Veterina

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Two large, dark-blue-staining Anaplasma platys morulae in a circulating platelet from an infected dog. The normal, smaller, pink-staining platelet granules are also observed in the cytoplasm of the infected platelet

Canine anaplasmosis is caused by one of two gram-negative, obligate, intracellular bacterial agents, Anaplasma phagocytophilum or Anaplasma platys.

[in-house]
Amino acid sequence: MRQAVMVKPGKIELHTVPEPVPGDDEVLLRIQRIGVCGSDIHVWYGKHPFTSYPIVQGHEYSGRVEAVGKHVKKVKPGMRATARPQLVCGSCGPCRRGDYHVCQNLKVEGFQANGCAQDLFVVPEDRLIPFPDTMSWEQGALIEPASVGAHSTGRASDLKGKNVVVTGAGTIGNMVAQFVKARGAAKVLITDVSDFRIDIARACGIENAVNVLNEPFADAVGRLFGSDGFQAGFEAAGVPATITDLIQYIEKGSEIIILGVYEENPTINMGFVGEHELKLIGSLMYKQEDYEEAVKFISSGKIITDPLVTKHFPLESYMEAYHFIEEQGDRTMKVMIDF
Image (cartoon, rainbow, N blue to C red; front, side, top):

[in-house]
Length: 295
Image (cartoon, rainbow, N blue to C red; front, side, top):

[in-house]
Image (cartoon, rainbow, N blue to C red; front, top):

An intracytoplasmic Anaplasma phagocytophilum morula in a neutrophil in the synovial fluid of an infected dog

Canine anaplasmosis is caused by one of two gram-negative, obligate, intracellular bacterial agents, Anaplasma phagocytophilum or Anaplasma platys.

An intracytoplasmic Anaplasma phagocytophilum morula in a toxic band neutrophil in the peripheral blood

Canine anaplasmosis is caused by one of two gram-negative, obligate, intracellular bacterial agents, Anaplasma phagocytophilum or Anaplasma platys. Both types are likely spread by ticks and can occur worldwide.

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